Tag: legislation

ObamaCare Could Become Law at Any Time

The American people don’t want President Obama’s health care plan (see below). Massachusetts voters don’t want it.

The White House knows that the people don’t want it.  In Ohio last week, President Obama said:

the process has been less than pretty. When you deal with 535 members of Congress, it’s going to be a somewhat ugly process…when you put it all together, it starts looking like just this monstrosity. And it makes people fearful. And it makes people afraid. And they start thinking, you know what, this looks like something that is going to cost me tax dollars and I already have insurance so why should I support this.

Yet Democrats still want ObamaCare to become law, and they are very close to making it happen.  If Speaker Nancy Pelosi bribes enough House members to reach that magic number of 218 votes, she could hold the vote with as little as 24 hours’ notice.  And ObamaCare would become law.  Done and done.  Comments from David Axelrod and other administration officials this weekend indicate that they haven’t given up on the Senate bill, and suggest that they are likely pressuring House Democrats to support it.

On ABC News’ This Week, Axelrod said, “People will never know what’s in that bill until we pass it.”  He was right, though not in the sense that he meant it.  As bad as the American people think this legislation is, they won’t really know until Nancy Pelosi bribes her way to 218 votes.

Dear Poor People: Please Remain Poor. Sincerely, ObamaCare

In a new study titled, “Obama’s Prescription for Low-Wage Workers: High Implicit Taxes, Higher Premiums,” I show that the House and Senate health care bills would impose implicit tax rates on low-wage workers that exceed 100 percent.  Here’s the executive summary:

House and Senate Democrats have produced health care legislation whose mandates, subsidies, tax penalties, and health insurance regulations would penalize work and reward Americans who refuse to purchase health insurance. As a result, the legislation could trap many Americans in low-wage jobs and cause even higher health-insurance premiums, government spending, and taxes than are envisioned in the legislation.

Those mandates and subsidies would impose effective marginal tax rates on low-wage workers that would average between 53 and 74 percent— and even reach as high as 82 percent—over broad ranges of earned income. By comparison, the wealthiest Americans would face tax rates no higher than 47.9 percent.

Over smaller ranges of earned income, the legislation would impose effective marginal tax rates that exceed 100 percent. Families of four would see effective marginal tax rates as high as 174 percent under the Senate bill and 159 percent under the House bill. Under the Senate bill, adults starting at $14,560 who earn an additional $560 would see their total income fall by $200 due to higher taxes and reduced subsidies. Under the House bill, families of four starting at $43,670 who earn an additional $1,100 would see their total income fall by $870.

In addition, middle-income workers could save as much as $8,000 per year by dropping coverage and purchasing health insurance only when sick. Indeed, the legislation effectively removes any penalty on such behavior by forcing insurers to sell health insurance to the uninsured at standard premiums when they fall ill. The legislation would thus encourage “adverse selection”—an unstable situation that would drive insurance premiums, government spending, and taxes even higher.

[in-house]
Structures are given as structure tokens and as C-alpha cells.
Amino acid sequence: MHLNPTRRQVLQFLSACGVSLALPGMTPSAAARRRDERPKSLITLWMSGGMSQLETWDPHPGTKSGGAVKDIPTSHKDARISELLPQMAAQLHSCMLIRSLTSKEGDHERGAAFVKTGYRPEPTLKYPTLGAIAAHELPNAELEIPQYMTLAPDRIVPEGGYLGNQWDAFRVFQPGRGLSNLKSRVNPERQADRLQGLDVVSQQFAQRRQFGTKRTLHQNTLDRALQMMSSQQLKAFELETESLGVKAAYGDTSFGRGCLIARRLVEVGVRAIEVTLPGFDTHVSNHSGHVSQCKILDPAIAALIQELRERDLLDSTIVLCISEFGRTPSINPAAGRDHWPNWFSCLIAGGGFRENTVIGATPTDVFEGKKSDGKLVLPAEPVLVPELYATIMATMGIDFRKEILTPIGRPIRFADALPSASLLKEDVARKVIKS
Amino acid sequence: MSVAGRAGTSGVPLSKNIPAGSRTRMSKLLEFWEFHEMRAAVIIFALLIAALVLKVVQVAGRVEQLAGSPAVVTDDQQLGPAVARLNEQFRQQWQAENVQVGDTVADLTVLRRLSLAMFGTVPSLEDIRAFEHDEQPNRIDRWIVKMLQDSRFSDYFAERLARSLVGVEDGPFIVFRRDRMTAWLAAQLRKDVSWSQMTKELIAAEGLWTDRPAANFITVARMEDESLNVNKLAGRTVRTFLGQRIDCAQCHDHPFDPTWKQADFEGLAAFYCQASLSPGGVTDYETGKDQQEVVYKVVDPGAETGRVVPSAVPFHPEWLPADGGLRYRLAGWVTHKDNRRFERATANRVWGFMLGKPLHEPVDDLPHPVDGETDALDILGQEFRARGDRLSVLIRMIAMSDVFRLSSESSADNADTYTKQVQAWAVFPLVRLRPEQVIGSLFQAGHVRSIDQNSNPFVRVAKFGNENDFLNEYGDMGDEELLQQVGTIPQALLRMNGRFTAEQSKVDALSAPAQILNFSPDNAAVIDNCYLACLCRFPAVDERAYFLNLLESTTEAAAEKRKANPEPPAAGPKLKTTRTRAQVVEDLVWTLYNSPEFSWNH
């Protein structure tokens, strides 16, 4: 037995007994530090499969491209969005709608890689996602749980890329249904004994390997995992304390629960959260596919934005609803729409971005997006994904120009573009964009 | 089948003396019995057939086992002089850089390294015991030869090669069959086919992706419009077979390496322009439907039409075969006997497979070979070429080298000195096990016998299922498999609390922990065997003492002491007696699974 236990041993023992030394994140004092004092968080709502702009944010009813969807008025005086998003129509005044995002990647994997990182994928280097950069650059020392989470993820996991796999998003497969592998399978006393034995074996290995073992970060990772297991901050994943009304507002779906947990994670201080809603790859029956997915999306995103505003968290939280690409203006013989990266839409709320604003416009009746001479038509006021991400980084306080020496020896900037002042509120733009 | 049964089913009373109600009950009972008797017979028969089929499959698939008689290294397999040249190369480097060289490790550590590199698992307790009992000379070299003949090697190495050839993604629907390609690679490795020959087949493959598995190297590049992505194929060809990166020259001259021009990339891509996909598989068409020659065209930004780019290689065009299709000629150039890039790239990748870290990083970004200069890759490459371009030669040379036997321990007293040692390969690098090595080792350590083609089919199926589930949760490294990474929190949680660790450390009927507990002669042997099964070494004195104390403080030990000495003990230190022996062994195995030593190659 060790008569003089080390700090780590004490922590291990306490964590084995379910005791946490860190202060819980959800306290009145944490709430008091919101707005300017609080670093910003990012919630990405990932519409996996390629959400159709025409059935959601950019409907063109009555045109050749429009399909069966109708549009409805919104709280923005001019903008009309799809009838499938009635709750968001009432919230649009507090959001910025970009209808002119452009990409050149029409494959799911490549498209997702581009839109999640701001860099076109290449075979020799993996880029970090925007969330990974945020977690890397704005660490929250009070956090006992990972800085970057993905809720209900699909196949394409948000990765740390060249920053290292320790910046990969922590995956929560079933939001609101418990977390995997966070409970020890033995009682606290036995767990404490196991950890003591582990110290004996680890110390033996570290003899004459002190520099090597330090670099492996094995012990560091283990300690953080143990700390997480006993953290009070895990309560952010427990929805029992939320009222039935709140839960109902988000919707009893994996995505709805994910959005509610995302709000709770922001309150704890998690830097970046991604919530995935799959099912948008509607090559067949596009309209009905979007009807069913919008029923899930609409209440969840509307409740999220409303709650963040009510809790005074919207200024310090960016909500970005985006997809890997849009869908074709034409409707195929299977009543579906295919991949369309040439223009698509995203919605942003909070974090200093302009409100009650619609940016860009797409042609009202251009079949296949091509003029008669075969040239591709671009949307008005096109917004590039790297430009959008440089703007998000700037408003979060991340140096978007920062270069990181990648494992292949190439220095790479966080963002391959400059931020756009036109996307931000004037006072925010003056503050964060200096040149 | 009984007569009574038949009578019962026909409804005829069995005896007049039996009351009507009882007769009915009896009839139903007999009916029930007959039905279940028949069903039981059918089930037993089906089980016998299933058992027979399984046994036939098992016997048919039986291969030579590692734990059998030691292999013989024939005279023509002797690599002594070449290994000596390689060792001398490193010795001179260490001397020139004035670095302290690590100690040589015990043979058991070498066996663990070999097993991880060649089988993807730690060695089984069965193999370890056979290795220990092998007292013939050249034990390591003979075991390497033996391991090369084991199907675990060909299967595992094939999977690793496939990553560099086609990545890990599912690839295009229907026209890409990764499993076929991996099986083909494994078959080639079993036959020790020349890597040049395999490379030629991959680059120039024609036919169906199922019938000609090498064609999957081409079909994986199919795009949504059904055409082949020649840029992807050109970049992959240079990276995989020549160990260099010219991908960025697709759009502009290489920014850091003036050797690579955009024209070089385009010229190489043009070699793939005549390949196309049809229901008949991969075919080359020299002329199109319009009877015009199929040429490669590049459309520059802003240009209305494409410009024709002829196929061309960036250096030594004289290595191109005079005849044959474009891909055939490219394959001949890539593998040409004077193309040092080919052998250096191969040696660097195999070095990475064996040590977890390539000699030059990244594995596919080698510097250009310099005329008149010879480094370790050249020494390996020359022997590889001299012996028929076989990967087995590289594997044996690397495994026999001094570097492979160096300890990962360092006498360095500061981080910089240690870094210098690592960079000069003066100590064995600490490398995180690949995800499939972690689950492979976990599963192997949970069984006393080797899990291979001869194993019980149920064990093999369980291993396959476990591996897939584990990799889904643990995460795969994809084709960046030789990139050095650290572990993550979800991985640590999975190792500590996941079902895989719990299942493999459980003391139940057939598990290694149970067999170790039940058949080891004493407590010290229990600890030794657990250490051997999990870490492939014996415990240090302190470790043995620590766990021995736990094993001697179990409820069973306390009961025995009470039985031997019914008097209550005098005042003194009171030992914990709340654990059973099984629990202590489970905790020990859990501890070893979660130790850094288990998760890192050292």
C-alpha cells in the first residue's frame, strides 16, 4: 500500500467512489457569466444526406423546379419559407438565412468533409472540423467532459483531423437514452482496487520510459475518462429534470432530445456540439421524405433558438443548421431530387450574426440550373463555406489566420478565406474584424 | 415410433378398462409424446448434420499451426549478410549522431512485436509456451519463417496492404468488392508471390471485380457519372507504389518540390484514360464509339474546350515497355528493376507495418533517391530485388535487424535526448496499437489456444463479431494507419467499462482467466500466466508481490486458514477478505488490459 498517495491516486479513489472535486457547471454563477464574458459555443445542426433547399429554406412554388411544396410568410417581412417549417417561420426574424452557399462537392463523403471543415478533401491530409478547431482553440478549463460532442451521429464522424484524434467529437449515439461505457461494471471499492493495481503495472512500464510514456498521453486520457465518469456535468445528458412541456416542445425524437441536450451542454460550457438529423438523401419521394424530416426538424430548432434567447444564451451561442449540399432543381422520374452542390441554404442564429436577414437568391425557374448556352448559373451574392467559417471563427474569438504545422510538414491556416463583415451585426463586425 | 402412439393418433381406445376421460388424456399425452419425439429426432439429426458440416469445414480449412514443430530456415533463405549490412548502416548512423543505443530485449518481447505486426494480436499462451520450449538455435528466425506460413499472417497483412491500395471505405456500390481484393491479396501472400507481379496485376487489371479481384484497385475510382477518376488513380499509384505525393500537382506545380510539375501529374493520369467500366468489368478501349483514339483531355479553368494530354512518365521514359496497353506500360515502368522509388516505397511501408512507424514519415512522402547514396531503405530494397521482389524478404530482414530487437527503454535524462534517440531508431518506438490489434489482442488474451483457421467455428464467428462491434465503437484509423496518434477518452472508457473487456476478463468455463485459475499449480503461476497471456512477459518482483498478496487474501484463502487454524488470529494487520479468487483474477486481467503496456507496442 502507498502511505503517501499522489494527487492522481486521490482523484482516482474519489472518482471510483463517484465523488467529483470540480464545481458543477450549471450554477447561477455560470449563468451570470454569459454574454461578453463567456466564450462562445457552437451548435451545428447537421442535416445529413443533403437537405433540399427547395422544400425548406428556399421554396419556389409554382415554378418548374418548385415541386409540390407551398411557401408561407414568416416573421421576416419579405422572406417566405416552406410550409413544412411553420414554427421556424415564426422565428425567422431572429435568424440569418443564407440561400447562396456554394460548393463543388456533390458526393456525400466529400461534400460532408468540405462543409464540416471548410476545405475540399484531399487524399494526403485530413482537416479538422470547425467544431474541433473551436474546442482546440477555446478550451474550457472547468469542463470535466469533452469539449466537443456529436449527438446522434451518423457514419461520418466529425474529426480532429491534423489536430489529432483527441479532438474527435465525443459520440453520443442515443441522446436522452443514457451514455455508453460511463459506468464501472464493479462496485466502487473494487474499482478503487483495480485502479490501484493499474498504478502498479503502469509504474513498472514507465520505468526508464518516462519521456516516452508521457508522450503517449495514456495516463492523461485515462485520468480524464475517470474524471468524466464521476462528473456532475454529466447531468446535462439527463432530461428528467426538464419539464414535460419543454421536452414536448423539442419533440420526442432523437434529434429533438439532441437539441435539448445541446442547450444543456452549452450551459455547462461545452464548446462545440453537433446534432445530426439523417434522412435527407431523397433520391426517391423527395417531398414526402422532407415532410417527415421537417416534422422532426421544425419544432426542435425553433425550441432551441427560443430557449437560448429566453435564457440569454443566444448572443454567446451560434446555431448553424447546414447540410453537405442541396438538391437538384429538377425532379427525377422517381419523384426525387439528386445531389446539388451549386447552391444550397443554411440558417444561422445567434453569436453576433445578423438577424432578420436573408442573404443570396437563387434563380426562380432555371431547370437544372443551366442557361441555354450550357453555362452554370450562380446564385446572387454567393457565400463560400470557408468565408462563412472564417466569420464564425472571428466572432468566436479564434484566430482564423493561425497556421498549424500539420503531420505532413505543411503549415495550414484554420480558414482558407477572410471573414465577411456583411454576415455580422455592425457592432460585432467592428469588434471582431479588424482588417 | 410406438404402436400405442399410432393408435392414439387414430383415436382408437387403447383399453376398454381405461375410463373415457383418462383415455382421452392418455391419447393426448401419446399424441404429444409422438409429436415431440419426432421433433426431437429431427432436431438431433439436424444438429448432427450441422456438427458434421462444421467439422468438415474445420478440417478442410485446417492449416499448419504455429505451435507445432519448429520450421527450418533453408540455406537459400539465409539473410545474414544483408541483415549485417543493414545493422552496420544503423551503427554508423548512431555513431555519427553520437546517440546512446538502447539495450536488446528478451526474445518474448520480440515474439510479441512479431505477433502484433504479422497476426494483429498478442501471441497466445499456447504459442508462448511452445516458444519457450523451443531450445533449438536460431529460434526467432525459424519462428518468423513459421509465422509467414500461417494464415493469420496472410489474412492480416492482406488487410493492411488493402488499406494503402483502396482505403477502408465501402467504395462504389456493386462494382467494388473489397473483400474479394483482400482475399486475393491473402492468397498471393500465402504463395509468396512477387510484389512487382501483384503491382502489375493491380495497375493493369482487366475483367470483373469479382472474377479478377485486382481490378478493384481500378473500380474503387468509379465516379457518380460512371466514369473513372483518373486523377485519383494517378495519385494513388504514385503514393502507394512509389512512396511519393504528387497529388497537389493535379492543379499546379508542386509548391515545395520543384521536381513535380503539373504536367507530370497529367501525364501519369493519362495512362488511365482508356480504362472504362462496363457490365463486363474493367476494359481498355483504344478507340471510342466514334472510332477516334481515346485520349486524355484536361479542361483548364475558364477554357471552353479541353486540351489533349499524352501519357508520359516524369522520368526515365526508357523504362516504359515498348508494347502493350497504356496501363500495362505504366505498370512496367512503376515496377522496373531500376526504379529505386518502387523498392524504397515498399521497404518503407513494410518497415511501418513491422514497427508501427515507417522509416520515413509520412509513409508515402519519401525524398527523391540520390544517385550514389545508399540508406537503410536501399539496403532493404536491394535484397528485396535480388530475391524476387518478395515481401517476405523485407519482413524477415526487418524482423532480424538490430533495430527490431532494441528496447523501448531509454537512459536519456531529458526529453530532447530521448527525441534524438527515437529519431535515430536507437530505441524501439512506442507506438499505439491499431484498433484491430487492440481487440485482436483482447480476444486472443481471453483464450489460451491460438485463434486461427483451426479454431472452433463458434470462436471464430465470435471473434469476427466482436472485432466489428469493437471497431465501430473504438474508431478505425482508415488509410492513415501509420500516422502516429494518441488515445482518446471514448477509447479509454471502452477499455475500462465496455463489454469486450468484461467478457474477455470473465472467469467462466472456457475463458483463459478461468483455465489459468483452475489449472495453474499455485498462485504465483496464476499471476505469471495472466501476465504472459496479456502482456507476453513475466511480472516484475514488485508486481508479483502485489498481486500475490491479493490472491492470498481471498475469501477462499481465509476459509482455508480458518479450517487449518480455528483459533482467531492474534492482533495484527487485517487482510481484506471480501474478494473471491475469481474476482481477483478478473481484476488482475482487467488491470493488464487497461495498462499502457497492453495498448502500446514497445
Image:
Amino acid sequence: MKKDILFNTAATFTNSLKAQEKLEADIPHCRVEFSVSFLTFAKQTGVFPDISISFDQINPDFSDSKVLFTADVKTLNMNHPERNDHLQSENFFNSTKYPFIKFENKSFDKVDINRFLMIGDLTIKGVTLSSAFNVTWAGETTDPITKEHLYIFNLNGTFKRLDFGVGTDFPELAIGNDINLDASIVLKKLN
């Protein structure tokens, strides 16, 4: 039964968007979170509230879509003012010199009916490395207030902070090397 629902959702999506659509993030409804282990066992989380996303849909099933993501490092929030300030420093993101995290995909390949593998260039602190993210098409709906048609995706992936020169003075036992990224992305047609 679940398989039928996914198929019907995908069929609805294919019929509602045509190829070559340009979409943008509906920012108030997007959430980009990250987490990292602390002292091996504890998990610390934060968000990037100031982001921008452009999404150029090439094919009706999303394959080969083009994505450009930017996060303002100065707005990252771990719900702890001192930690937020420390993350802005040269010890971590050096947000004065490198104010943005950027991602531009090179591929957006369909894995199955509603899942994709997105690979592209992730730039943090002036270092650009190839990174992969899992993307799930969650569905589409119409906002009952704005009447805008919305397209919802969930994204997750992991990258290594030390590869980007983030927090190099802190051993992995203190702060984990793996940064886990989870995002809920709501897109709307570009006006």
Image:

See also my Kaiser Health News oped, “Individual Mandate Would Impose High Implicit Taxes on Low-Wage Workers.”

And be sure to pre-register for our January 28 policy forum, “ObamaCare’s High Implicit Tax Rates for Low-Wage Workers,” where the Urban Institute’s Gene Steuerle and I will discuss these obnoxious implicit tax rates.

(Cross-posted at Politico’s Health Care Arena.)

Obama’s Copenhagen Speech

Politico asks, “Was he convincing?”

My response:

In Copenhagen this morning, President Obama convinced only those who want to believe — of which, regrettably, there is no shortage.  Notice how he began, utterly without doubt:  “You would not be here unless you, like me, were convinced that this danger is real.  This is not fiction, this is science.”  The implicit certitude is no part of real science, of course.  But then the president, like the environmental zealots cheering him in Copenhagen, is not really interested in real science.  Theirs, ultimately, is a political agenda.  How else to explain the corruption of science that the East Anglia Climate Research email scandal has brought to light, and the efforts, presently, to dismiss the scandal as having no bearing on the evidence of climate change?  If that were so, then why these efforts, or the earlier suppression of contrary or mitigating evidence that is the heart of the scandal?

We find such an effort in this morning’s Washington Post, by one of those at the center of the scandal, Penn State’s Professor Michael E. Mann.  Set aside his opening gambit — “I cannot condone some things that colleagues of mine wrote or requested” — this author of the famous, now infamous, “hockey stick” article seems not to recognize himself in Climategate.  That he then goes after Sarah Palin as his critic suggests only that on a witness stand, confronted by his real critics, he’d be reduced to tears by even a mediocre lawyer.  One such real critic is my colleague, climatologist Patrick J. Michaels, who documents the scandal and its implications for science in exquisite detail in this morning’s Wall Street Journal.

But to return to the president and his speech, having uncritically subscribed to the science of global warming, Mr. Obama then lays out an ambitious policy agenda for the nation.  We will meet our responsibility, he says, by phasing out fossil fuel subsidies (which pale in comparison to the renewable energy subsidies that alone make them economically feasible), we will put our people to work increasing efficiency in our homes and buildings, and we will pursue “comprehensive legislation to transform to a clean energy economy.”